Guyana’s political crisis is more intractable than the one in Venezuela. We may not have the same level of physical violence or political instability which now prevails in Venezuela, but our crisis is far deeper and more dangerous.
Investors are now extremely worried about the prospects of violence and protracted instability in Guyana. The tense political environment and the brazen act of the GECOM in launching, without any advance notice, house-to-house registration, have raised ominous concerns. Questions have already been raised about GECOM’s impartiality and the fact that this action is being undertaken where there is no Commission in place to oversee its work.
Earlier this year, the Secretariat of GECOM had explained the reasons why immediately after the no-confidence motion it did not begin immediate preparations for elections. It said then that it needed the permission of the Commission.
It now seems to have gotten that permission, via a proclamation from the Chairman. Except that Chairman’s appointment has been invalidated by the Court. The Commission now has no Chairman and cannot meet without one.
Even if the Secretariat can claim that it has a lawful instrument to conduct house-to-house registration, it ought to have recognised that circumstances have since overtaken that proclamation. And since a new Chair has to be appointed, it should have held its hand and awaited the appointment of this chairperson, especially in light of the decision of the CCJ.
The Secretariat cannot be blind to developments, which can impact on its functions. GECOM may be a political spectator, but it is not a disinterested spectator.
It ought to have known that the CCJ has ruled that Articles 106 and 107 of the Constitution have been triggered. As such, the Secretariat has to be aware that moving towards house-to-house registration would render a nullity, the decision of the CCJ. And this constitutes an act of contempt.
GECOM does not need house-to-house registration to conduct an election. It held one last November, which was credible. House-to-house registration is not imperative, and therefore the better thing to do was to await the appointment of a new Chairman and for the original proclamation to be ratified by the new Chairman and his Commission.
The decision of the GECOM Secretariat deepens the country’s political crisis. The CCJ has ruled that the three-month period for the holding of elections was paused during the hearing of the legal cases contesting the validity of the no confidence motion. This is no longer the case. The government’s caretaker tenure runs out on September 18, 2019. GECOM has therefore worsened the country’s political crisis by its blatant initiation of house-to-house registration, which will mean that elections cannot be held in accordance with the timelines of the Constitution.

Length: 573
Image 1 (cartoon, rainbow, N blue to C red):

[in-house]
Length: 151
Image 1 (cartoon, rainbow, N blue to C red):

The decision of GECOM has inflamed political tensions. An ugly incident during a PPPC peaceful protest yesterday signals the prospects for violence in the weeks and months ahead. It will embolden forces out there who are bent on derailing the democratic process, and this can result in violence and instability far more extreme than what is taking place in Venezuela.
In that country, elections were held in May 2018 and Maduro was elected as President after the Opposition parties imploded following their failed attempts to topple Maduro through street protests. Maduro was democratically elected but the Lima Group, in which Guyana has strangely found itself, derecognised the Maduro administration. It claims that the elections were not democratic because the Opposition parties were not allowed to field candidates. But it is not as if Maduro banned them. It was a case in which they could not field a consensus candidate after they imploded following their failed attempts to topple the government through street protests.
Elections are not under threat in Venezuela. That country has one of the best electoral machineries in the world. Its work was commended even by the Carter Centre. Former US President Jimmy Carter has monitored elections in more than 92 countries and he said that the Venezuelan process was the best in the world.
Venezuela’s crisis will be resolved, one way or the other, or by the holding of elections. The elections machinery in Venezuela remains intact and impartial. The same cannot be said with absolute certainty in Guyana.
GECOM’s actions this past week have raised the political temperature in Guyana to dangerous levels. It has threatened the democratic foundations, which were re-laid since 1992. It has worsened the political tensions in the country.
On Friday, it was nasty water, which was thrown but who knows what is to come next!
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